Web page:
- MacMillan & Thompson,The Social Entrepreneur’s Playbook. Note: Book worksheets can be downloaded for free here: The Social Entrepreneur’s Playbook (workbook)
- Bornstein and Davis,Social Entrepreneurship: What Everyone Needs to Know
- Dees, J. Gregory,Enterprising Nonprofits: A Toolkit for Social Entrepreneurs
- Guo and Bielefeld, Social Entrepreneurship
Video Lectures, Readings, Case Examples, Assignments, Choice of Teamwork and Forum Participation.
Weekly assignments for both the Open and Signature tracks are given at the end of each course session. Students in the Open track should choose one assignment per week to submit. Students in the Signature track should complete all assignments every week for their own project and submit the work to our TA’s for review.
- How can I ask questions during the course?
Please post all inquiries in the appropriate weekly sub-forum. [LINK]
- Will I get a Statement of Accomplishment after completing this class?
Students who successfully complete the class will receive a Statement of Accomplishment signed by the instructor. However, only Signature Track students will receive a Verified Certificate. University of Pennsylvania credit.
- What resources will I need for this class?
There are no required readings materials for the course, and the workbook that you will is available to download for free. For a list of recommended materials, see the “Suggested Readings” section.
- Who will grade my assignments?
Your assignments will not be graded. However, should you choose to submit your assignments for feedback, we propose the following guidelines:Open Track: Participants may volunteer to form groups of up to 7 in the most appropriate sub-forum (ie. energy, education, health, water, etc.). Note that this is not a course requirement. In order to facilitate an efficient and collegial peer assessment process, we suggest that group members agree with one another to assess submitted work of each team member on a weekly basis in exchange for the assessment of their own submission. Our recommended assessment template can be found in the “Grading and Logistics” tab of the navigation bar.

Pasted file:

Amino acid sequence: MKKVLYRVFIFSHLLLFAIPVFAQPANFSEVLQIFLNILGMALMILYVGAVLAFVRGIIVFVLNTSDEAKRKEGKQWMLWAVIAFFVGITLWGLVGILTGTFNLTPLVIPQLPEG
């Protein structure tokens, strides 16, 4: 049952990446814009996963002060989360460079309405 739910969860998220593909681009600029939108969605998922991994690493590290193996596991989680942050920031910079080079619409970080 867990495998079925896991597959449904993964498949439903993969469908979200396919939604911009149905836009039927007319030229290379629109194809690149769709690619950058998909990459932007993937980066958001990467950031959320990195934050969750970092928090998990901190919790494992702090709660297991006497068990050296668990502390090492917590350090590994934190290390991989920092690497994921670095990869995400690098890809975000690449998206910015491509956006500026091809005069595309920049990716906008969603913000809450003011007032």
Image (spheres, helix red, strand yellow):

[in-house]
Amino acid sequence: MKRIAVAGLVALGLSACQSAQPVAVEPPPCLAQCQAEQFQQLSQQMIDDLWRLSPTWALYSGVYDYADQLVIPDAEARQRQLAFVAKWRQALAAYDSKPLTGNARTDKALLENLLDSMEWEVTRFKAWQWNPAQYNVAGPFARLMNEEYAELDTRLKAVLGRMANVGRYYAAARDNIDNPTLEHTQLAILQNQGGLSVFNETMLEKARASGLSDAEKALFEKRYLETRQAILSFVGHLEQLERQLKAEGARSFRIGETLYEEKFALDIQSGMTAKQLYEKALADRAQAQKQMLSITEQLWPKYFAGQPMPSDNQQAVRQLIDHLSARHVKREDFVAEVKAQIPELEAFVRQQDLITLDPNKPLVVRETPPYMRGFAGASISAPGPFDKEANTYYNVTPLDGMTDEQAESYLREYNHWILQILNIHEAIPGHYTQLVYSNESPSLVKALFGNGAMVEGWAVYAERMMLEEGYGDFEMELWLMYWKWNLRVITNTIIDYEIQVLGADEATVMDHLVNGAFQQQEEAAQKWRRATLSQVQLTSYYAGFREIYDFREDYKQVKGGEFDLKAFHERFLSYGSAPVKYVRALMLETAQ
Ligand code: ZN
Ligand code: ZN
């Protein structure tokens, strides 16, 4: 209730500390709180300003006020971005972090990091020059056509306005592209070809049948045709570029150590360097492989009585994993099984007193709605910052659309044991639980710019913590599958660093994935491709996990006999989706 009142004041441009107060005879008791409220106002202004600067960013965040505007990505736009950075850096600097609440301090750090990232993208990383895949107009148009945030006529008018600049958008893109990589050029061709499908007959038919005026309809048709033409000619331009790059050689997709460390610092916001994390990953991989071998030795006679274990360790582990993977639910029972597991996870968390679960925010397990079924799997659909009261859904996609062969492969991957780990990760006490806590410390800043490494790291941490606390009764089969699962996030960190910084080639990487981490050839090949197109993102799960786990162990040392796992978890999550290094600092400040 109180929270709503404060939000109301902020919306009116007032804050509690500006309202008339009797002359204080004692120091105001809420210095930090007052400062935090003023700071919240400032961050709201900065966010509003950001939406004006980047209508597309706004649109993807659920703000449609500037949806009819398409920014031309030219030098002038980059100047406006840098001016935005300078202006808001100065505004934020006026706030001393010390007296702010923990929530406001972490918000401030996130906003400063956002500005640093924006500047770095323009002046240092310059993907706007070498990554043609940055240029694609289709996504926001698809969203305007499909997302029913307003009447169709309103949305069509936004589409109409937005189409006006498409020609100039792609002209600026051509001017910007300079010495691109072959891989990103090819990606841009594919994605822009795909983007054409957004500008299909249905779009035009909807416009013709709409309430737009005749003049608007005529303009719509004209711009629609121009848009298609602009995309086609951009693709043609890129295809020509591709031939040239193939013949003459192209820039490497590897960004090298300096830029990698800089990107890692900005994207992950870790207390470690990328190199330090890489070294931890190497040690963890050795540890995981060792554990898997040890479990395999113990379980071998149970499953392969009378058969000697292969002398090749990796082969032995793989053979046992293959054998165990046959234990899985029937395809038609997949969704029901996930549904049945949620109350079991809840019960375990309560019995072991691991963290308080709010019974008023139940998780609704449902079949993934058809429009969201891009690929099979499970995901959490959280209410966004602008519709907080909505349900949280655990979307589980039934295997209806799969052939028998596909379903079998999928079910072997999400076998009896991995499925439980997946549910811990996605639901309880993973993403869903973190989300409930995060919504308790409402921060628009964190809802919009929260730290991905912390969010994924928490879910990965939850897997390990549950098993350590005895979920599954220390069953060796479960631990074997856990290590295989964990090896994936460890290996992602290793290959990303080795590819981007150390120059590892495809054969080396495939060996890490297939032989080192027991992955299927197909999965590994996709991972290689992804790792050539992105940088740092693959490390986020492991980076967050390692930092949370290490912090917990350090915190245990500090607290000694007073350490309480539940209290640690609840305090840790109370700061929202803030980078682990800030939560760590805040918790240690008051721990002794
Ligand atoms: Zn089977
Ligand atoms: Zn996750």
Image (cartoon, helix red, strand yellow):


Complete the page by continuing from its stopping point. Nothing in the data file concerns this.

Signature Track: In addition to the voluntary peer assessment articulated for the Open Track above, participants must combine all course assignments into a Venture Plan and submit it to our team by 5pm EST on October 31st. Our team will review and provide feedback on submitted Venture Plans between November 15th-30th. Those interested in competing for the Penn Social Impact House Scholarship must submit a 2-minute or less video pitch of their idea by 5pm EST on October 31st.
- What is the time commitment for this course?
As much as you want it to be. The online nature of the course renders it very flexible, so that you may take it at your own pace. Since this course is intended to help you evaluate a social venture idea from beginning to end, how much time you put in depends partially on the nature and development stage of your idea.
- Do I need to have a venture idea in mind before beginning this course?
Week One of the course will help you identify problems that you may wish to develop solutions for.
- How should I leverage the global, entrepreneurial peer community in this course?
Actively engage in the forums. Through this course, you gain access to an extremely valuable community of entrepreneurs from diverse backgrounds. (At the time of launch, registered students spanned across 183 countries.) Take advantage of this community by bouncing ideas off each other, seeking each other’s experiences on challenges you are currently facing, and organizing meet-ups with people in your area who are interested in the same beneficiary market.